The day before my mother disappeared, at the age of sixteen, I went into the kitchen, took out all the six packs, and carted them outside to the driveway. It was a warm late summer afternoon. My mother, with her small frame and fragile bones, with her dark brown hair and glassy eyes full of infinite unreachable distances, watched fearfully from the window as I proceeded to shatter the bottles, one by one, on the hot tar.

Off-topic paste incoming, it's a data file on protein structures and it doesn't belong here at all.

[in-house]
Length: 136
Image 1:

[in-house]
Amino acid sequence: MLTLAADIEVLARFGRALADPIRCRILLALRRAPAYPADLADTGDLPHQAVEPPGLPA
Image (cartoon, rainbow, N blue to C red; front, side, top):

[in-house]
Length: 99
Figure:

In my teens I used to tell people that my mother died of cancer. I did that because it’s easier than to say that she was just gone. It is easier than to say that one day she went out into the fog and never returned. It’s easier than to say that she left me standing there on the lawn, methodically shattering brown bottles on the driveway, my heart filled with bitter resignation, watching with strange wonderment as the pavement was transmuted into a river of foam.